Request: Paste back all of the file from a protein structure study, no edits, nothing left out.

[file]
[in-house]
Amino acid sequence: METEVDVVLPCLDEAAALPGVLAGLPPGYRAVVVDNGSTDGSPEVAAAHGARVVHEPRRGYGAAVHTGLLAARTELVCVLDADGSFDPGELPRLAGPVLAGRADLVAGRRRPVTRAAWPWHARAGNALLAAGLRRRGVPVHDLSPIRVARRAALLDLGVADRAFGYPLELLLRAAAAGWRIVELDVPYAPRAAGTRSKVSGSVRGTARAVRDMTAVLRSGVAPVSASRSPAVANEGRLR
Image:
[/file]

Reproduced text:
[in-house]
Amino acid sequence: METEVDVVLPCLDEAAALPGVLAGLPPGYRAVVVDNGSTDGSPEVAAAHGARVVHEPRRGYGAAVHTGLLAARTELVCVLDADGSFDPGELPRLAGPVLAGRADLVAGRRRPVTRAAWPWHARAGNALLAAGLRRRGVPVHDLSPIRVARRAALLDLGVADRAFGYPLELLLRAAAAGWRIVELDVPYAPRAAGTRSKVSGSVRGTARAVRDMTAVLRSGVAPVSASRSPAVANEGRLR
Image: